Meanwhile, ATA drives increasingly will penetrate the data center as users learn how properly to deploy and leverage desktop-class, capacity-oriented HDDs in enterprise environments. IDC estimates roughly two million ATA drives shipped into storage arrays (those storage systems having three or more HDDs) in 2005 with an average capacity of approximately 290GB per drive. By 2010, over 15 million ATA HDD units will ship into enterprise storage arrays with an average capacity greater than 800GB. As a result, shipments of ATA TBs into enterprise storage arrays will grow at a compound annual growth rate of nearly 90% from 2005 to 2010 to support a tidal wave of new digitized information in data centers. Note that these numbers do not include the ATA drives consumed in one- and two-drive servers or high-performance workstations.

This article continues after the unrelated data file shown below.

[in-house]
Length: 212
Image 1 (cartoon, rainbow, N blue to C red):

Figures 1 and 2 delineate IDC’s forecast regarding interface and spinspeed transitions for HDD units shipped into enterprise applications from 2005 to 2010. These figures include aftermarket units shipped as upgrades or replacements.
HDD shipments by Interface Share into Enterprise Applications 2004 – 2010
HDD shipments by RPM Share into Enterprise Applications 2004 – 2010
A Bit more on SAS
2006 should be the first year for significant volumes of SAS drives. Less than 100,000 SAS drives had shipped by the end of 1Q06. However, based on system OEM launch plans for new SAS-based solutions, IDC expects SAS HDDs to ship in the millions during the 2H06.